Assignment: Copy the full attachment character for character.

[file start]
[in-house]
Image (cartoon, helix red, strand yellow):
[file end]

[in-house]
Image (cartoon, helix red, strand yellow):